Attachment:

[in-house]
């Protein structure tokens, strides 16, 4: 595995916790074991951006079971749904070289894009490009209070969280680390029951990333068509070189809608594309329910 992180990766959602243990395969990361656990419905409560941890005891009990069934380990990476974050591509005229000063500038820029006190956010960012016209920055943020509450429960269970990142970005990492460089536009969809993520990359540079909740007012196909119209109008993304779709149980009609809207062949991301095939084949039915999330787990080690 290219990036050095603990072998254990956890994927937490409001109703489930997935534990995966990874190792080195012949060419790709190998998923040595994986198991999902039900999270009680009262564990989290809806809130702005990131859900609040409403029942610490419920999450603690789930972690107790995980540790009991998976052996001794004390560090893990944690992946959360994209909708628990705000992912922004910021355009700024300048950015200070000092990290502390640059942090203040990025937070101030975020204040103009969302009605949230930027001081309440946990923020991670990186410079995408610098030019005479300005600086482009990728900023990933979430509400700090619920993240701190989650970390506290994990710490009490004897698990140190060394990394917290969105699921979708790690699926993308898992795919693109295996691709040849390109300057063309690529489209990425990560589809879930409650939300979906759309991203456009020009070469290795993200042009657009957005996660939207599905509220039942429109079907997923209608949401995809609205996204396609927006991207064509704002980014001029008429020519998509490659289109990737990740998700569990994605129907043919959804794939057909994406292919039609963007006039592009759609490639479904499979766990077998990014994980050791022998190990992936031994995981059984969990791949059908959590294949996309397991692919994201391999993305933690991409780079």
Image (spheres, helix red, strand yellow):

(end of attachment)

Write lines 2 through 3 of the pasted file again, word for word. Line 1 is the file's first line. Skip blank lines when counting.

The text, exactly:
């Protein structure tokens, strides 16, 4: 595995916790074991951006079971749904070289894009490009209070969280680390029951990333068509070189809608594309329910 992180990766959602243990395969990361656990419905409560941890005891009990069934380990990476974050591509005229000063500038820029006190956010960012016209920055943020509450429960269970990142970005990492460089536009969809993520990359540079909740007012196909119209109008993304779709149980009609809207062949991301095939084949039915999330787990080690 290219990036050095603990072998254990956890994927937490409001109703489930997935534990995966990874190792080195012949060419790709190998998923040595994986198991999902039900999270009680009262564990989290809806809130702005990131859900609040409403029942610490419920999450603690789930972690107790995980540790009991998976052996001794004390560090893990944690992946959360994209909708628990705000992912922004910021355009700024300048950015200070000092990290502390640059942090203040990025937070101030975020204040103009969302009605949230930027001081309440946990923020991670990186410079995408610098030019005479300005600086482009990728900023990933979430509400700090619920993240701190989650970390506290994990710490009490004897698990140190060394990394917290969105699921979708790690699926993308898992795919693109295996691709040849390109300057063309690529489209990425990560589809879930409650939300979906759309991203456009020009070469290795993200042009657009957005996660939207599905509220039942429109079907997923209608949401995809609205996204396609927006991207064509704002980014001029008429020519998509490659289109990737990740998700569990994605129907043919959804794939057909994406292919039609963007006039592009759609490639479904499979766990077998990014994980050791022998190990992936031994995981059984969990791949059908959590294949996309397991692919994201391999993305933690991409780079």
Image (spheres, helix red, strand yellow):